ISMP has always stressed that the double check needs to be a truly independent double check. That means that two qualified healthcare professionals need to assess the question(s) separately and only compare their conclusions after each has completed their assessments.
Both the ISMP and Koyama articles point out the considerable variation and often a lack of clarity about how the double check should be performed. They also note it is possible that double checking is never truly independent in real-world settings regardless of how the double-checking process is defined. For example, if the checker is “primed” in any way (as opposed to truly independent double checks), an error may not be detected due to confirmation bias.
ISMP reiterates the several themes from Armitage (Armitage 2008) that we discussed in our October 16, 2012 Patient Safety Tip of the Week “What is the Evidence on Double Checks?” that can lead to errors in the double checking process. These include:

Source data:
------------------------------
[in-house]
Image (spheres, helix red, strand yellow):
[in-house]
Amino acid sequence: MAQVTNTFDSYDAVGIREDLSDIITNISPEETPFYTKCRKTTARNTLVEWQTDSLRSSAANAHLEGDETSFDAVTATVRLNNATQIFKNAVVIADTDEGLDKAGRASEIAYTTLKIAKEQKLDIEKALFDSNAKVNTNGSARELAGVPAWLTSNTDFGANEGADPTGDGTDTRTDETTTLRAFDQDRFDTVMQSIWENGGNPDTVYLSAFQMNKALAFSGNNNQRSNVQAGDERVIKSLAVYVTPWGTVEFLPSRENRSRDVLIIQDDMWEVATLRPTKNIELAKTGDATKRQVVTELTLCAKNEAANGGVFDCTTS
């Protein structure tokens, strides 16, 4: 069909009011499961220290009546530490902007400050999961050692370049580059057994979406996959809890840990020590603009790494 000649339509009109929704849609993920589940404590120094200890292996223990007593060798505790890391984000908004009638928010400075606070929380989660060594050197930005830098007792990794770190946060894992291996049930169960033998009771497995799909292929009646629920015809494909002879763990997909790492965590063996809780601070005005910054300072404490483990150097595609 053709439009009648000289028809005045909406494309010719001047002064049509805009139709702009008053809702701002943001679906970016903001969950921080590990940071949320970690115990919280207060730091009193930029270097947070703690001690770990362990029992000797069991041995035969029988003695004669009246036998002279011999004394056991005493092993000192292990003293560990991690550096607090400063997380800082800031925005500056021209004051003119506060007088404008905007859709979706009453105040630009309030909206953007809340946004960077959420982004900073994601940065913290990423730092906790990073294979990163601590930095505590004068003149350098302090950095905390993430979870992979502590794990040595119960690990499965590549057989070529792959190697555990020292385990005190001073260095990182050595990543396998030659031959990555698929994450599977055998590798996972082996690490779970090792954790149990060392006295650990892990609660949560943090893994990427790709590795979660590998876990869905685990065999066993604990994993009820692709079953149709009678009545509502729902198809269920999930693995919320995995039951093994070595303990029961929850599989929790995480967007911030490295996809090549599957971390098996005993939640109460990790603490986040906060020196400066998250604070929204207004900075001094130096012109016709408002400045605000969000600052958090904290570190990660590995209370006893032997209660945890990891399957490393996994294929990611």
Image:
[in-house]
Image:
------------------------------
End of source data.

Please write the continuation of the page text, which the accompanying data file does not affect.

- Deference to authority
- Reduction or diffusion of responsibility
- Distractions and interruptions
- Lack of time
ISMP adds another contributing factor: “satisficing” (failure to look for and process additional information once initial information looks correct).
Deference to authority occurs when the individual being asked to perform the double check perceives the first checker to be above them in the “hierarchy”. Note that sometimes it was the other person’s formal title or status that put them “above” in the hierarchy. For example, it could be the new hire double checking the work of an experienced worker. But at other times it was a perceived skill, often their ability to perform mathematical calculations rapidly, that put them in a position of authority!